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Compound Eye

Compound Eye

The many facets of science photography

What Good Is The Lytro Light-Field Camera?

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I've been trying, unsuccessfully, to get my hands on a demo model of Lytro's new and purportedly revolutionary light-field camera. This is a camera whose sensor records the direction of incoming light in addition to its intensity and color, allowing the camera to "see" over a broad focal depth. Users take a single picture and focus after the fact.

Not clear? Here's an insect-themed Lytrograph (is that a word?) by Adam Gould. Click on different parts of the image to refocus:

Call me a luddite, but I don't think Lytro will upend photography as we know it. I find the Lytro is more a solution in search of a problem than an upheaval of imaging technology. I don't wish to downplay the technological achievement- I am duly impressed that Lytro has been able to build, inexpensively, a truly novel way to take pictures. Refocusing still images is indeed fun. More than fun, even. I'd happily use Lytro's images to teach principles of focus and composition.

The fundamental problem for a light-field revolution, though, is that focus is not the limiting factor for most photographers. Fixing focus issues doesn't add much to a photographer's tool kit. Light sensitivity, magnification, dynamic range, stabilization, resolution- these are all areas where technological improvements solve immediate hurdles for different genres of photography. Focusing? Not so much.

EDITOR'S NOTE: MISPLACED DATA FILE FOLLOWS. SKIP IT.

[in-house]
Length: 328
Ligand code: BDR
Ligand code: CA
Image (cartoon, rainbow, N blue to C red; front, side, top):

There is, however, at least one area of science photography where Lytro has great potential: wildlife camera-trapping. That's the technique where a camera is placed out with some sort of trigger that trips the shutter when an animal walks by. Camera traps are useful for gathering data about wildlife with minimal disturbance.

Image credit: U.S. Fish & Wildlife Service - Northeast

Since the trapper is not present to compose an ideal shot, a camera that focuses everywhere at once might be rather useful. With a light-field camera, the trap can be set much more broadly than a traditional trap, covering a larger area of forest and casting a wider net. Pictures can be refocused after the fact to bring out the subject's relevant detail.

If Lytro ever does send me a demo, I hope they don't mind if I set it out in the woods overnight.

 

The views expressed are those of the author and are not necessarily those of Scientific American.

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